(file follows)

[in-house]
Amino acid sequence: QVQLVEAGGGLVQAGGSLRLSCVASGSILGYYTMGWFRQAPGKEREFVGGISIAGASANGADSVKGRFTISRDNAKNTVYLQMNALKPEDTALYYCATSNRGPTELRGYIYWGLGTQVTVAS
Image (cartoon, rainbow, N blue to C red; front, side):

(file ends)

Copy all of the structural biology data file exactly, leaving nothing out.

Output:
[in-house]
Amino acid sequence: QVQLVEAGGGLVQAGGSLRLSCVASGSILGYYTMGWFRQAPGKEREFVGGISIAGASANGADSVKGRFTISRDNAKNTVYLQMNALKPEDTALYYCATSNRGPTELRGYIYWGLGTQVTVAS
Image (cartoon, rainbow, N blue to C red; front, side):